This phase 2 study will investigate cryosurgical freezing (CF) and intratumoral combination immunotherapy (ITI) in advanced prostate cancer (PC). The main outcome will be the reduction in prostate specific antigen (PSA). This trial is recruiting in California and Michigan, US.
Metastatic prostate cancer (PC) is an advanced cancer. Metastatic is the term for cancer that has spread to other organs. Radiotherapy (RT) and chemotherapy (CT) may prolong survival. Better treatment strategies are needed to improve patient outcomes. Cryosurgical freezing (CF) and intratumoral combination immunotherapy (ITI) may be one option.
CF involves freezing the tumor. The cancer cells on the outside of the tumor die and break off. This triggers a type of immune cell called dendritic cell. In theory, these cells will recruit other immune cells called T-cells. T cells will travel in the bloodstream to kill other cancer cells. To kill the primary tumor, ITI can be used. Immune checkpoint inhibitor (ICI) drugs can be injected into the tumor and prevent cancer cells from growing undetected by immune cells. Immune cells will attack the cancer cells and stop tumor growth.
This study will investigate CF and ITI in advanced PC. The main outcome will be the reduction in PSA.
Who are they looking for?
This study will recruit 32 patients with metastatic PC. Participants must have a minimum life expectancy of 6 months. Patients must provide a tumor sample for analysis, if they have a previous biopsy. Patients must have adequate blood tests. Men must use contraception during and for 120 days after the trial.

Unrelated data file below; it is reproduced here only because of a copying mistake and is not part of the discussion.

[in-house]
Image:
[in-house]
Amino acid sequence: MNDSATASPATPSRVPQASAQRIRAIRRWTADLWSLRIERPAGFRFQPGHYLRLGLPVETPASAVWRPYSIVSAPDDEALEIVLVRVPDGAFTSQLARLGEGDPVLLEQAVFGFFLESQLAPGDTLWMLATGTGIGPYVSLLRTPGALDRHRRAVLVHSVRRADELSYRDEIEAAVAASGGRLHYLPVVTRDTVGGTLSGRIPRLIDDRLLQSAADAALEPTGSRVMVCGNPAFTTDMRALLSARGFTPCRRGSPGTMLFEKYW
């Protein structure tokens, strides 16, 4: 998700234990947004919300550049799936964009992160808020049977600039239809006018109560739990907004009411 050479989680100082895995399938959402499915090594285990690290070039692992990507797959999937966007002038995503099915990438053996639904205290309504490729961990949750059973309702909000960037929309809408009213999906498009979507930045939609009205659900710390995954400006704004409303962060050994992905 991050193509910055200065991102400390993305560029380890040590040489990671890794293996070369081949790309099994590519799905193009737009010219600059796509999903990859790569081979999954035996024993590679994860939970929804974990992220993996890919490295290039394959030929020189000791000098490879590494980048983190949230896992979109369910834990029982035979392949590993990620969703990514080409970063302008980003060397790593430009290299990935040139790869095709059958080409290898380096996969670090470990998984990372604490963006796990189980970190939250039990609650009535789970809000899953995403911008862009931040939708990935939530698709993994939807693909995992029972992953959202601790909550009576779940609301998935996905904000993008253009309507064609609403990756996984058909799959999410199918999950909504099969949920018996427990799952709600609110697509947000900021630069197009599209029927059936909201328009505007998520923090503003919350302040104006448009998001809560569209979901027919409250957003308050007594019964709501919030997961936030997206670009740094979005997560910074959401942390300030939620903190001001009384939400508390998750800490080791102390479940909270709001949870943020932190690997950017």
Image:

Patients cannot part in the trial if they have taken part in another study with an experimental drug. Patients with a history of active infection or immunodeficiency cannot take part in the trial. Men with autoimmune disease cannot take part. Other exclusion criteria are heart disease, unstable heart conditions, recent live vaccination or sensitivity to study treatment.
How will it work
All patients will undergo CF and ITI. The ICI drugs used are nivolumab (Opdivo) and ipilimumab (Yervoy). A low dose of a CT drug, cyclophosphamide (Cytoxan),will also be administered. This is to enhance the response of specific types of tumor cells.
The main outcome will be the reduction in PSA after 6 months. Patients will be followed up for survival for up to 3 years.